This. This is the kind of social mythology which helps to perpetuate the suffering resulting from social stigmas and social injustice—the kind of (pardon me) b.s. which helps to disappear (not to prevent, mind you, but to deny and obscure) the damage and destruction resulting from conditions of social domination, the kind of vague assurances (where is the scientific evidence for these beliefs, btw) which distort (and construct) perceptions about the kinds of social conditions REQUIRED for “good mental health”, and, moreover, which “foster” the pretense that the devastation resulting from social conditions of oppression and domination (such as stigma) can somehow be mediated and managed and made more tolerable by mysterious individual/group efforts (how, exactly, do “we” accomplish what is advocated here?) put forth by mysterious yet evidently powerful individuals (aka “we”.)
If “we” can actually accomplish all these wonderful and life-transforming feats described and recommended—these as-yet-to-be-fully-articulated or researched “empower[ing]” efforts and actions carried out by this collective (imagined) “we” working at the level of individuals—then perhaps there’s little reason, after all, to bother with all that hard and complex work involved with determining, precisely, exactly which ACTUAL social conditions (basic minimums) are REQUIRED to “foster” human wellness and health.
Friday, March 8, 2013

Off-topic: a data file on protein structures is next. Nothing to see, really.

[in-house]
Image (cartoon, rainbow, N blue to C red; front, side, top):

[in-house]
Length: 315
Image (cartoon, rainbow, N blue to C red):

have no doubt that attention to mental health and resilience (in both the parents and their kids) will be a key determinant of the success of this strategy.
Saturday, March 9, 2013
“The psychological effects often exacerbate health problems that the physiological stress response has already caused. High ACE scorers who do not overeat, smoke or take drugs still have high rates of obesity, heart disease, depression and diabetes. The mechanism for these risks appears to lie in the biology of the stress-response system and in the way environment affects a person’s genetic activity.
For most of human evolution, a stressful world would have been marked by famines or periods of starvation, and that environment might have resulted in a particular pattern of gene expression that would have prompted the body to store more fat in preparation for the next bout of scarcity. Today, of course, the same response to stress would result in obesity. This theory of a thrifty fat-storing system that kicks in under high levels of early stress was originally proposed by British physician David Barker.
If, for instance, a modern child’s early life experience — in the womb and during the first five years, particularly — is constantly stressful, it would be incredibly energy-consuming, says Dr. Bruce Perry, senior fellow at the ChildTrauma Academy. “If your genes get the message that you are entering a stressful world, it makes complete adaptive sense to take the existing metabolism and tune it up to deposit fat and store energy to prepare for what the body is expecting will be a challenging and stressful life,” he says.
“Early adverse experience can disrupt the body’s metabolic systems,” says Shonkoff. “One of the cornerstones of biology is that our body’s systems when they are young are reading the environment and establishing patterns to be maximally adaptive.
Read more: http://www.time.com/time/health/article/0,8599,1951240,00.html#ixzz2N42wEzzM